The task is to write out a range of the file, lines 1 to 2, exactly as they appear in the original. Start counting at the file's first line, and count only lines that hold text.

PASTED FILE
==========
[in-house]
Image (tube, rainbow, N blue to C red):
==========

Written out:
[in-house]
Image (tube, rainbow, N blue to C red):